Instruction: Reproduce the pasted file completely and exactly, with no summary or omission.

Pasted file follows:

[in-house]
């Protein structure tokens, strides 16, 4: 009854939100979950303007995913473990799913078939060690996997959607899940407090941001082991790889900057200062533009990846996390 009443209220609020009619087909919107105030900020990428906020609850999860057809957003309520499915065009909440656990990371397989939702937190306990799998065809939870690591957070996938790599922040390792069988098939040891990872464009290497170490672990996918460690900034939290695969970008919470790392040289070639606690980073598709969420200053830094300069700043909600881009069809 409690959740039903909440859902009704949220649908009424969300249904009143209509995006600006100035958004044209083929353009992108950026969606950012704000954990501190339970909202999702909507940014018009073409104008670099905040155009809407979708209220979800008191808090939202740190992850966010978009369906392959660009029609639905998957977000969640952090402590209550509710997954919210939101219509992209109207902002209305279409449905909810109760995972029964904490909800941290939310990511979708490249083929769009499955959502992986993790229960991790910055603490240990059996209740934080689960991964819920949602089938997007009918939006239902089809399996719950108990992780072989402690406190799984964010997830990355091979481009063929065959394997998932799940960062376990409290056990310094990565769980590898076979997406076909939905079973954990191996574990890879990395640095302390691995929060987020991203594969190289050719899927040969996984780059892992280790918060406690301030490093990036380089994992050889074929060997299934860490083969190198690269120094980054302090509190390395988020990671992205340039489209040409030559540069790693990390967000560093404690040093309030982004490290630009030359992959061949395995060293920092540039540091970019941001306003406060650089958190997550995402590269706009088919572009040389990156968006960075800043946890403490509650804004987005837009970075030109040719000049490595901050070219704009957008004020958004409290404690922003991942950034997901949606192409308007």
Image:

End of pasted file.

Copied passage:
[in-house]
């Protein structure tokens, strides 16, 4: 009854939100979950303007995913473990799913078939060690996997959607899940407090941001082991790889900057200062533009990846996390 009443209220609020009619087909919107105030900020990428906020609850999860057809957003309520499915065009909440656990990371397989939702937190306990799998065809939870690591957070996938790599922040390792069988098939040891990872464009290497170490672990996918460690900034939290695969970008919470790392040289070639606690980073598709969420200053830094300069700043909600881009069809 409690959740039903909440859902009704949220649908009424969300249904009143209509995006600006100035958004044209083929353009992108950026969606950012704000954990501190339970909202999702909507940014018009073409104008670099905040155009809407979708209220979800008191808090939202740190992850966010978009369906392959660009029609639905998957977000969640952090402590209550509710997954919210939101219509992209109207902002209305279409449905909810109760995972029964904490909800941290939310990511979708490249083929769009499955959502992986993790229960991790910055603490240990059996209740934080689960991964819920949602089938997007009918939006239902089809399996719950108990992780072989402690406190799984964010997830990355091979481009063929065959394997998932799940960062376990409290056990310094990565769980590898076979997406076909939905079973954990191996574990890879990395640095302390691995929060987020991203594969190289050719899927040969996984780059892992280790918060406690301030490093990036380089994992050889074929060997299934860490083969190198690269120094980054302090509190390395988020990671992205340039489209040409030559540069790693990390967000560093404690040093309030982004490290630009030359992959061949395995060293920092540039540091970019941001306003406060650089958190997550995402590269706009088919572009040389990156968006960075800043946890403490509650804004987005837009970075030109040719000049490595901050070219704009957008004020958004409290404690922003991942950034997901949606192409308007």
Image: